>> after time, over the course of life, accident produces new functional
>> structures, with the whole process conveniently tending upwards toward
>> man;
>> front-loading or fine-tuning requires us to believe that level after
>> level
>> of biological complexity is packed into the fundamental properties of the
>> chemical elements, and this gives to biochemical necessity the awesome
>> power
>> that Darwinism gives to chance. On the face of it, it seems incredible
>> that
>> either chance or necessity could have such powers.
>>
>> The smart money, I would say, is on the view that the evolutionary
>> process
>> is in fact intelligently guided. It's a view consistent with our
>> knowledge
>> of integrated complex systems, and of the limited power of Darwinian
>> mechanisms. It's a view in tune with common sense. It's the view that
>> seems to be held by Ted Davis and George Murphy and Robert Russell, and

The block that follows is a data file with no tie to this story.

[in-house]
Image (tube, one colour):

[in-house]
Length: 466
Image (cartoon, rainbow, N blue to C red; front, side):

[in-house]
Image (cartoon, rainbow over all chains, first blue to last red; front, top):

>> also, I am told, by Owen Gingerich and other TEs. It is also a view
>> compatible with the arguments of Behe and of many other ID supporters.
>> But
>> it is of course a view which, according to many here, is unscientific, or
>> non-scientific. I never said that intelligently guided evolution was
>> "scientific" in the sense of a formal scientific hypothesis, but I
>> certainly
>> believe that it is compatible with the best scientific data -- more
>> compatible, in fact, than pure Darwinism is. Once again, I think that
>> TE,
>> when it is not afraid to say directly and without ambiguity that God
>> controlled the evolutionary process to produce certain specific results,
>> is
>> in tune with some versions of ID.
>>
>> Cameron.
>>
>>
>> ----- Original Message -----
>> From: "Dehler, Bernie" <bernie.dehler@intel.com>
>> To: <asa@calvin.edu>
>> Sent: Thursday, June 11, 2009 3:19 PM
>> Subject: RE: design and the nature of science (was: Re: [asa] Re:
>> Gingerich
>> on TE and ID)
>>
>>
>>> I think one TE could say "yes" (fully gifted creation- Howard Van Till),
>>> and another might say "No" because God needs to guide it somewhat or at
>>> certain times.
>>>
>>> Cameron said:
>>> ID says, "NO -- unless the properties of the atoms and the laws of
>>> nature
>>> are fine-tuned, which implies design."
>>>
>>> If ID says it could happen, then that blows apart Behe's mousetrap
>>> example
>>> (irreducible complexity), which is a pillar for ID I think ("Icons of
>>> ID"
>>> if you will).
>>
>>
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Received on Mon Jun 15 17:56:36 2009